[2] Please note that we draw from the Disability Studies in Education SIG, which conceptualizes disability studies as a way  “to promote the understanding of disability from a social model perspective drawing on social, cultural, historical, discursive, philosophical, literary, aesthetic, artistic, and other traditions to challenge medical, scientific, and psychological models of disability as they relate to education.”  Disability Studies, as a field, is committed to social justice in schools and society. It is also important to note that the “interest, agendas, and voices of people labeled with disability/disabled people” are central. (http://www.aera.net/SIG143/Disability-Studies-in-Education-SIG-143)


Position opening at OkState


School of Teaching, Learning, and Educational Sciences

Stillwater, Oklahoma

is seeking applicants for

Assistant Professor in Curriculum Studies .

Start Date:  Fall, 2018

The Curriculum Studies Program, housed in the School of Teaching, Learning, and Educational Sciences (STLES) in the College of Education, Health, and Aviation at Oklahoma State University, is seeking an outstanding scholar and a leading professional to assume the role of Assistant Professor, tenure track, with specialization in Curriculum Studies. 

APPLICATION INFORMATION: The process of reviewing applications will begin March 1, 2018, and will continue until a successful candidate is selected (contingent upon available funding). To apply, please visit http://jobs.okstate.edu and submit a letter of application, curriculum vita, statement of teaching, and statement of research interests (including comments regarding current and future research pursuits), transcripts, and the names and complete contact information (phone, email, physical mailing address) of three professional references.  All letters of reference should be emailed to Lisa Baker at lkbaker@okstate.edu directly from the recommending individual.

See the full description of responsibilities and required qualifications at:

OSU Curriculum Studies Position




Call for Papers

Curriculum Theorizing in The Post-Truth Era

Journal of Curriculum Theorizing Special Issue

Guest Editors:

Rouhollah Aghasaleh, PhD   

 Ligia (Licho) López López, PhD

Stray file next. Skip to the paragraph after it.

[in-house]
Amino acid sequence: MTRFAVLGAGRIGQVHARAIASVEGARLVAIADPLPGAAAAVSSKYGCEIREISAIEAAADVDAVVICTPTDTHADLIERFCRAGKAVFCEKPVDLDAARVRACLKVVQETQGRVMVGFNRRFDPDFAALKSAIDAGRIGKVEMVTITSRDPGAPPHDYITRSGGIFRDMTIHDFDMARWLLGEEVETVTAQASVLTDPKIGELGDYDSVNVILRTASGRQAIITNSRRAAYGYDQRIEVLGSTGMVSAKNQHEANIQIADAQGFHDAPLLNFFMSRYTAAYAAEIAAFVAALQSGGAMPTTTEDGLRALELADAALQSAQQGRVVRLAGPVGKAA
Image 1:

The guest editors of Journal of Curriculum Theorizing invite article submissions for a special issue on Curriculum Theorizing in The Post-Truth Era. Submissions from established and new scholars are welcome. The special issue will be published in Spring 2019.

After the 2016 presidential election many scholars, institutions of higher education, and educators have released statements to support minoritized communities, immigrants, and other historically underserved groups. Several urban school districts reported a major drop in school attendance by Latinx and LGBTQI students who feel threatened and unsafe. The intensification of discourses and the performance of (what has been socially constructed as) racism, misogyny, xenophobia, and bigotry are unquestionable. How is education participating, resisting, refusing, and reinscribing these discourses and practices? During her concession speech, Clinton said the nation is “more deeply divided than we thought.” She was referring to a breakdown of the election results and the existing racial, gender, faith, class, and educational disparity. Education as a proxy of privilege is critical here. However, with Republicans controlling the executive, legislative, and judicial branches of the government, higher education will become even less accessible to populations living “in an alternative reality.” This makes public education more important and our work, as educators, even more critical. Some questions to ponder are: How do we teach those whose perspectives differ from us? What are the funds of knowledge of young people in Trumster families? What is the role of education in engaging with a large group of US citizens who relate to post-truth politics?